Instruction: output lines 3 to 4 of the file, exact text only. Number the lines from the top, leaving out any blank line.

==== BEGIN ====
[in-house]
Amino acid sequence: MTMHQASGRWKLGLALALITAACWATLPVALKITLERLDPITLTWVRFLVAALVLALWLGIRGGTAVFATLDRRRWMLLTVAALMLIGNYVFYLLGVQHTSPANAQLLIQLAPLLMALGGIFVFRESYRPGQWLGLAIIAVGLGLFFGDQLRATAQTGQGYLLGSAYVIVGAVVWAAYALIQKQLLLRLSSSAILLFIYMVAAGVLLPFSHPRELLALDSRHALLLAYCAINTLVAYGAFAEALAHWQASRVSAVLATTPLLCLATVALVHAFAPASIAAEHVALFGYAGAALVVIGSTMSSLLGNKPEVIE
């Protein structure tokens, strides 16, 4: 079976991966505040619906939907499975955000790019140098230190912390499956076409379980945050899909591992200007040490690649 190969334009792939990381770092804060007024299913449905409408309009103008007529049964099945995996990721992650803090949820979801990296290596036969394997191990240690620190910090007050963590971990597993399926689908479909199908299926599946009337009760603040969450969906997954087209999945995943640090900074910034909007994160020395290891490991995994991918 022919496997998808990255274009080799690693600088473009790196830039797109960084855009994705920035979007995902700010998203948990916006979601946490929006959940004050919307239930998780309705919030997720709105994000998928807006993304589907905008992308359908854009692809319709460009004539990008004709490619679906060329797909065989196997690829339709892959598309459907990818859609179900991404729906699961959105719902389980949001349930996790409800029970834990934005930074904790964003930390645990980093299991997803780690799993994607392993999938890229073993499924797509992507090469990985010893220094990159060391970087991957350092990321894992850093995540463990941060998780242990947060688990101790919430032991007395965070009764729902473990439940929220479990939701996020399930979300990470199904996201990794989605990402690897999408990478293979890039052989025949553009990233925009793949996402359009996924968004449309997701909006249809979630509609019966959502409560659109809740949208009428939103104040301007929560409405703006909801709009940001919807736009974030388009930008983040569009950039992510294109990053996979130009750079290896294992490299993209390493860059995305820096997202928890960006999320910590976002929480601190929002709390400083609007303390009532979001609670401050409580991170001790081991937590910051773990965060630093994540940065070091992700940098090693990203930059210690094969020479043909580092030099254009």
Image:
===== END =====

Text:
């Protein structure tokens, strides 16, 4: 079976991966505040619906939907499975955000790019140098230190912390499956076409379980945050899909591992200007040490690649 190969334009792939990381770092804060007024299913449905409408309009103008007529049964099945995996990721992650803090949820979801990296290596036969394997191990240690620190910090007050963590971990597993399926689908479909199908299926599946009337009760603040969450969906997954087209999945995943640090900074910034909007994160020395290891490991995994991918 022919496997998808990255274009080799690693600088473009790196830039797109960084855009994705920035979007995902700010998203948990916006979601946490929006959940004050919307239930998780309705919030997720709105994000998928807006993304589907905008992308359908854009692809319709460009004539990008004709490619679906060329797909065989196997690829339709892959598309459907990818859609179900991404729906699961959105719902389980949001349930996790409800029970834990934005930074904790964003930390645990980093299991997803780690799993994607392993999938890229073993499924797509992507090469990985010893220094990159060391970087991957350092990321894992850093995540463990941060998780242990947060688990101790919430032991007395965070009764729902473990439940929220479990939701996020399930979300990470199904996201990794989605990402690897999408990478293979890039052989025949553009990233925009793949996402359009996924968004449309997701909006249809979630509609019966959502409560659109809740949208009428939103104040301007929560409405703006909801709009940001919807736009974030388009930008983040569009950039992510294109990053996979130009750079290896294992490299993209390493860059995305820096997202928890960006999320910590976002929480601190929002709390400083609007303390009532979001609670401050409580991170001790081991937590910051773990965060630093994540940065070091992700940098090693990203930059210690094969020479043909580092030099254009």
Image: